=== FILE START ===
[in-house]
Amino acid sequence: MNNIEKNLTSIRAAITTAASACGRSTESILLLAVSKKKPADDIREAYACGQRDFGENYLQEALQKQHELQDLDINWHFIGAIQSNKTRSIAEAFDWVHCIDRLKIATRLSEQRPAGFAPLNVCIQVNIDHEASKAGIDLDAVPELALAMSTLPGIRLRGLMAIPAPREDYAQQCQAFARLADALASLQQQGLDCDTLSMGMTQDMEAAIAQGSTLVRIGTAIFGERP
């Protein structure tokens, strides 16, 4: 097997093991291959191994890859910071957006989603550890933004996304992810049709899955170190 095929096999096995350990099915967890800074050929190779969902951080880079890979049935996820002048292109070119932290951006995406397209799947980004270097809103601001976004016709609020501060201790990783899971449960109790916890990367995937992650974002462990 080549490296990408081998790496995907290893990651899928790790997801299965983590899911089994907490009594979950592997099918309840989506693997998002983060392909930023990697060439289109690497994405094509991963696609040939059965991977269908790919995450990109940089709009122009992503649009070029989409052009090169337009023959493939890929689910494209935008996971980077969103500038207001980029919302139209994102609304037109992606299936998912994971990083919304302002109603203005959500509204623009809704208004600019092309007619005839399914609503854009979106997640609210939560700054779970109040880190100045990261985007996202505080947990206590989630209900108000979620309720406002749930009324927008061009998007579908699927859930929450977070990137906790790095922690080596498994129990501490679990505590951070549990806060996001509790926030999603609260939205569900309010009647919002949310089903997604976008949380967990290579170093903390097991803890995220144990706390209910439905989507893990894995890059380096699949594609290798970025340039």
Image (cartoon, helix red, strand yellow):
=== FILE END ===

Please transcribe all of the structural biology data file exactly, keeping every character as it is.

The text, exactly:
[in-house]
Amino acid sequence: MNNIEKNLTSIRAAITTAASACGRSTESILLLAVSKKKPADDIREAYACGQRDFGENYLQEALQKQHELQDLDINWHFIGAIQSNKTRSIAEAFDWVHCIDRLKIATRLSEQRPAGFAPLNVCIQVNIDHEASKAGIDLDAVPELALAMSTLPGIRLRGLMAIPAPREDYAQQCQAFARLADALASLQQQGLDCDTLSMGMTQDMEAAIAQGSTLVRIGTAIFGERP
């Protein structure tokens, strides 16, 4: 097997093991291959191994890859910071957006989603550890933004996304992810049709899955170190 095929096999096995350990099915967890800074050929190779969902951080880079890979049935996820002048292109070119932290951006995406397209799947980004270097809103601001976004016709609020501060201790990783899971449960109790916890990367995937992650974002462990 080549490296990408081998790496995907290893990651899928790790997801299965983590899911089994907490009594979950592997099918309840989506693997998002983060392909930023990697060439289109690497994405094509991963696609040939059965991977269908790919995450990109940089709009122009992503649009070029989409052009090169337009023959493939890929689910494209935008996971980077969103500038207001980029919302139209994102609304037109992606299936998912994971990083919304302002109603203005959500509204623009809704208004600019092309007619005839399914609503854009979106997640609210939560700054779970109040880190100045990261985007996202505080947990206590989630209900108000979620309720406002749930009324927008061009998007579908699927859930929450977070990137906790790095922690080596498994129990501490679990505590951070549990806060996001509790926030999603609260939205569900309010009647919002949310089903997604976008949380967990290579170093903390097991803890995220144990706390209910439905989507893990894995890059380096699949594609290798970025340039």
Image (cartoon, helix red, strand yellow):